But what his audible voice was saying was very simple, and a little embarrassed:
“I’ve felt that I’ve just come to know you to-day, Mr. Heth ... to understand things better. I suppose it’s too much to hope that you can forget what’s past, all at once. But I’d be mortified to feel.... Ah, sir!—I’ve felt honored by your House to-day....”
That was all; the mists lifted. He saw no difficulties, and so there were none. Papa’s face was thawing back, through several surprised looks, to its natural kindliness; he had taken the offered hand, in the middle of the little speech; and then, within a minute, he was saying, quite amiably, that well, well, we’d say no more about it ... s’posed the thing to do was to let bygones be bygones....
And papa’s daughter, Cally, turned away quickly from that spectacle, winking furiously, and wondering when she had got to be such a baby....
* * * * *
[Illustration: PAPA—I WANT TO INTRODUCE A GOOD FRIEND OF MINE—DR. VIVIAN]
Strange things had been happening of late, it seemed; strange memories gathering for backward thought hereafter; novel pictures ranging in the immaterial storehouse that opens down the years. But in all Cally’s invisible collection, then or thenceforward, there was never a scene that she saw so vividly as this: herself standing silent by the newel-post in the wide hall; her father, distinct and genial in the light through the open door, observing to Mr. V.V. that hard words buttered no parsnips, as the fellow said; and V.V., half-smiling at her over papa’s broad shoulder, and saying to her with his eyes that of course this was the way it was meant to be, all along.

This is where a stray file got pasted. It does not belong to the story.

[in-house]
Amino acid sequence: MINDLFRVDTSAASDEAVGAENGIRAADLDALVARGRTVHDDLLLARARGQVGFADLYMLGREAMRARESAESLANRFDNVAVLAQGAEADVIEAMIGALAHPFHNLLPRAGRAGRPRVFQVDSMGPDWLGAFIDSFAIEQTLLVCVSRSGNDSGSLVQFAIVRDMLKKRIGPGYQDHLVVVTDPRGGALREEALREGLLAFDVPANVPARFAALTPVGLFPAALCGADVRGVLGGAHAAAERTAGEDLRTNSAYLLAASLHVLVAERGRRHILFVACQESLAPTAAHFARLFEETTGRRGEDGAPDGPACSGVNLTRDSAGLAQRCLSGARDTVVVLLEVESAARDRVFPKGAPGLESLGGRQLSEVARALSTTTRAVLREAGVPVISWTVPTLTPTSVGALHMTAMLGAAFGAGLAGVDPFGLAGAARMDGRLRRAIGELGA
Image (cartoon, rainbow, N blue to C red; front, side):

Her Last Day, in this History; how she wakes with a Wonder in her Heart, has her Banquet laid at the Board of the Cooneys, dreams back over the Long Strange Year; finally how she learns Something that not Everybody Knows: what it is like at the End of the World.
A morning in October, and she had waked to fare forth and capture, by hook or by crook, the most eligible parti who was ever likely to swim into her ken. Another morning in October, and all her waking horizon seemed filled by the knowledge that, at half-past four in the afternoon, she would meet and talk of cheroot factories with a man so little eligible that he trusted the crows to bring his raiment. In the wide world was there another person whose life’s pendulum, in a twelvemonth, had swung so wildly far?
Eight o’clock now, by the little clock on the mantel: eight hours and a half to Mr. Pond’s meeting for workers at the old Dabney House. One needn’t be an astronomer to calculate that. And Cally Heth lay wide-eyed in her great bed, and thought how strange, how wonderful is life....